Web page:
How The Stranglers Kickstarted Icelandic Punk





On the 45th anniversary of the release of The Stranglers’ groundbreaking album, Black and White, we look back at the impact of their press tour and concert in Iceland in May of 1978.

Some events cause such a major shift in the prevailing culture that there is simply no going back to the way things were — there was before, and then there is after. Elvis Presley’s hip-shaking performances on The Ed Sullivan Show in 1956, and the moral panic it caused is one such example. Eight years later The Beatles appeared on that same show, and their performance inspired countless youngsters to take up instruments and start their own bands.

The most well-known of these sorts of events already own plenty of real estate in the public consciousness, their every jot and tittle exhaustively documented and breathlessly praised and examined by sages and soothsayers alike. But some events of similar portent, albeit of lesser magnitude, are as yet largely unexamined. The Stranglers’ concert at the Laugardalshöll center in Reykjavik, Iceland on May 3rd, 1978, and its impact on the beginnings of Icelandic punk, is one such event.

Black and White – The Album

In 1978, The Stranglers were on their way up in the world of British music, and already near the apex of the burgeoning Punk and New Wave scenes. They had just released two critically-acclaimed albums barely five months apart in 1977. The first album, Rattus Norvegicus, was ranked among the top 10 albums of the year by New Musical Express (NME), and it peaked at #4 on the U.K. Album charts. The second album, No More Heroes, peaked at #2 on the U.K. Album charts.

The band spent the winter of 1977 writing and recording their third album, Black and White, which was to be released on May 12th, 1978. Black and White is an apt name for an album whose motifs evoke concepts of polar opposition and contrast. These themes emerge at all levels, making Black and White something akin to a concept album.

The album’s songwriting features both lush and sparse compositions. Its production varies from dry and bare to slick and glossy. Even the artwork prominently displays contrasts: the album cover features the four members of the band (Jet Black, Dave Greenfield, Hugh Cornwell, and Jean-Jacques Burnel) dressed in black clothing and set in various poses against an entirely white background.

From The Stranglers’ official biography on the recording and promotion of Black and White:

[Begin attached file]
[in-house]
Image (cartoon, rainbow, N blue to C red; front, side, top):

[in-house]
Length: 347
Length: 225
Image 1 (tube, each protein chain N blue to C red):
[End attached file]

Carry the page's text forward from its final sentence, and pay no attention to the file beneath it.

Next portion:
“With the stark, polarised sound of the album, a plan was hatched for the album’s May press launch to be held in a similarly stark destination–Iceland.”

And so, in early May the band set off on an unusual expedition to the tiny, sparsely populated island of Iceland for a 2-day press junket with a small army of journalists, photographers, and friends in tow.

Black and White – The Culture Shock

We came across the west sea
We didn’t have much idea
Of the kind of climate waiting
We used our hands for guidance
Like the children of a preacher
Like a dry tree seeking water
Or a daughter

– “Nice n’ Sleazy”, Black and White

Iceland is a land of fire and ice, where ancient glaciers and towering volcanoes coexist. It’s a place where the peaceful tranquility of the countryside is juxtaposed with the raw power of its volcanoes and glaciers, and the simplicity of traditional Icelandic life contrasts with the modernity of its cities.

the stranglers in iceland
The Stranglers in Iceland, May 1978. Photo credit: Jill Furmanovsky,

If you’ve never been to Iceland before, it can be a bit of an unsettling experience at first. You’ll quickly notice how few trees there are, and how vast and mountainous the landscape is. It feels almost as if you’ve landed on another planet entirely. You might find yourself wondering what kind of people could possibly live in such a place.

Writing for The Record Mirror, Alf Martin was one of the journalists along for the expedition to Iceland, and his recounting of the tale speaks to the strangeness of tagging along with the first foreign band in three years to play a concert in the tiny island nation:

“DAY ONE: Arrive Reykjavik Airport… Snow on the hills but not on the floor. We’d landed on the moon. This volcanic island was covered in stone cold lava that had been hanging around for a few thousand or even millions of years. No trees, no flowers, no grass. They’ve brought us to a secret landing base on the moon.”

Ignorance of Icelandic culture abounds amongst the crew tagging along with The Stranglers. On the bus ride from the airport in Reykjavik, Martin writes:

“On the coach to the hotel a rumour goes around there are three women to every man on the island. This gets exaggerated to five, then six, then seven. The men are frothing at the mouths. Truth is, one and three quarters to one.”

Martin notes a few more cultural differences along the way:

“We get some other details about the Icelanders, TV only three hours a day, none on Thursdays. One radio station. No beer.”

The Stranglers Meet the Icelandic Press

You are quite safe with me
I got my very own philosophy
All that you can say is
If your existence
Is not threatened in any way

– Threatened, Black and White